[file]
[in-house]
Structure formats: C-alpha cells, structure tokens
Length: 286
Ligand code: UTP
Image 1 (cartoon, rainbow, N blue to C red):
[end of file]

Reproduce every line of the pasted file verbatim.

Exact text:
[in-house]
Structure formats: C-alpha cells, structure tokens
Length: 286
Ligand code: UTP
Image 1 (cartoon, rainbow, N blue to C red):